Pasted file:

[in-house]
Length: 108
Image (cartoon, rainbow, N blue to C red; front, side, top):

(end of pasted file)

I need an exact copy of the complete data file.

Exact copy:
[in-house]
Length: 108
Image (cartoon, rainbow, N blue to C red; front, side, top):